3. Set a public-read ACL on the WebVT file so this script can get it later. Also, save the output of the transcription job; the function then returns the link to the WebVTT file.
  4. In a new function, get the WebVTT file from where AWS Transcribe put it on the S3 bucket.
  5. Then it concatenates the caption text into one string and uses SpaCy to break the transcription into sentences. I’m doing this because the WebTT generates each caption by time, and the transcript is easier to read if it is broken up into sentences.
  6. Loop through the sentences looking for occurrences when a WebTT caption contains the start of the sentence. That way, I can get the timestamp of when the sentence starts.
  7. When the sentences are synced time times, use a Jinja2 template to create the HTML file.
  8. Lastly, upload the HTML to the S3 bucket as the index.html file, and make a final record of the podcast metadata.

That’s it!

Design choices

Amazon Transcribe is pretty cheap. AWS charges for each minute a transcript job runs at a rate of 2.4¢ a minute. Transcribing an hour-long podcast costs about $0.10. The storage and bandwidth costs are negligible.

The way that the Hypothesis annotation JavaScript works forced the use of a CSS-“:before”-content structure. One of the downsides of DocDrop is that annotations on multiple blocks are changed into just the first block of text. Based on my experimentation, it seems like the user-select: none property is enough of a break in the DOM to cause the problem. Because I didn’t want the timestamps included in the annotated text, the timestamps are put into the DOM using a CSS “:before” selector. Playing with the box margins enables everything to line up.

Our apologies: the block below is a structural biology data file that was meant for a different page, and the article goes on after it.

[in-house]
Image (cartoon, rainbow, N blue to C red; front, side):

I’m not including the playback of the podcast audio along with the transcript. Unlike DocDrop, which embeds the YouTube viewer in the transcript page, playback of the audio from the S3 bucket wouldn’t be counted in the podcaster’s statistics. And I’m comfortable with the copyright implications of publicly posting uncorrected transcripts (in the absence of creator-produced transcripts), but not so comfortable as to also offer the audio file.


So there are some issues with this setup.

  • Copying and pasting episode data required: This is running as a command line program with four parameters: audio URL, episode title, episode landing page URL, and podcast title. Sometimes this takes a bit of hunting because podcast sites are not the most friendly for finding the audio URL. Viewing the page source is often necessary, and sometimes digging into the RSS/Atom XML is needed.
  • Times will vary with advertisement inserts: Because podcast networks insert ads with different lengths over time, the timestamps that were found when the transcription was made probably won’t correspond to later playbacks. But I think they will be close enough that I can go back and find the audio clip when I need to.
  • Default directory document doesn’t work: Right now, the “index.html” is required as part of the web link. It would be nice if one could remove that and just refer to the root directory, but AWS CloudFront doesn’t work like that.